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Old Jan 24, 2003, 7:27 PM   #21
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If you check recent user postings on the usenet newsgroup rec.photo.digital, you'll find people having problems with C-5050, too.

All that goes to show is that there's no one magic camera that will make everyone happy. Some people will love the menu system on C-4000, some will hate it. It just depends on the personal taste.

For what it's worth, I've had the C-4000 for just over a week. I've taken over 500 shots with it (gotta give it a good test run before the return period runs out!) and have been very happy with the camera. It is chock full of features--you can use it as point-and-shoot camera when you start out with it, and then progressively try manual and other programmed settings to see what will work for you.

Sure C-5050 is a nicer camera, but it also costs almost twice as much as the C-4000.

The ideal thing you could do is buy the C-4000 from some place local that will let you return it if you don't like it. Even if you can save $40-50 via mail order, is your peace of mind worth the extra money?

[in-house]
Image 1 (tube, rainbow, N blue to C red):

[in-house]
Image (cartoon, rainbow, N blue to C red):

If you want to see some pictures I've taken with the C-4000, check out the following (keep in mind I'm just an amateur at this photography thing ):

http://www.pbase.com/hyunyu/c4000

Good luck!
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Old Jan 24, 2003, 8:01 PM   #22
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Yeah, you are surely right !


nice pics... one question though... why didn't u use the flash when u took those night shots ?

also : is there a difference between c-4000 and c-4000z ?
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Old Jan 24, 2003, 8:45 PM   #23
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C-4000 and C-4000Z are one and the same (Z just means "zoom", meaning it's capable of optical zooming).

The point of night scene (at least for me with those pictures) was to try to capture what my eyes were seeing. If I had used the flash, then

1) the flash doesn't have the power to illuminate those buildings at the range I was shooting at--it'd been like using no flash; and